I have lived with type one diabetes for what feels like my whole life.
I was diagnosed at age four and I wholeheartedly believe that my parents took the blunt force of the diagnosis, having to come to terms with everything.
In a way I feel lucky to not know any different because much to my parents’ relief, my childhood was not tainted in the slightest.
I started to take control of my diabetes at the age of nine, when I learnt to monitor my own blood glucose levels.
In turn, I went on to administer my at least four daily injections, calculate my insulin doses and carry my diabetes kit and hypo treatments.
Becoming a teenager
Then came adolescence where the onset of periods and hormones came to play.
I developed a tendency to detest my diabetes in much the same way as I had learnt to take on its inevitable responsibilities a few years prior. I guess you could call it a rebellion phase. Although that makes it sound a lot more exciting than it was to experience first hand.
I fell into a long bout of what I now recognise as burnout and the resulting self-neglect that followed.
I would highlight years 15 to 18 as the period where I regained my living-with-an-autoimmune-condition balance.
I began to realise how I wasn’t only hurting myself but those that I loved in the process of my own self-destruction. I learnt to channel my emotions and trained my brain to interpret what this meant in terms of my blood glucose levels.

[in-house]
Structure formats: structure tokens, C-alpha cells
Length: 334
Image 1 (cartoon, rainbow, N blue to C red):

Starting a blog
Along the way, I launched my blog ‘diabetesgeek’ to share and document my life with type one diabetes .
I started to write in the hope that someone, somewhere would relate and gain comfort in knowing they are not alone.
As my blog became more successful and I found the diabetes online community (DOC), I was presented with fantastic opportunities and now regard myself as an advocate for young people living with type one.
Through the DOC, I began using the Freestyle Libre which opened up my mind to new technologies in the world of diabetes.
I started insulin pump therapy in 2017 which allowed me to find more freedom and flexibility than I had ever experienced with multiple daily injections.
I wear my devices with such utter pride and joy, I love being part bionic.
Fast forward to present day where I am studying for my degree to become a speech and language therapist.
My partner and I have moved in together cross-country and are flourishing in a new city to explore.
I love the way that life is shaping out for me and I can hand on heart say that it is down to my pure determination and hard work.
If you put the work in, you will reap the rewards.
Sure, diabetes can provide challenges, curveballs and unpredictability but I feel like it gives me a wider appreciation for life and the opportunities I am given.
I live my life in full bloom and it feels wonderful.
I hope you do too.
And for more on diabetes, visit: NHS.uk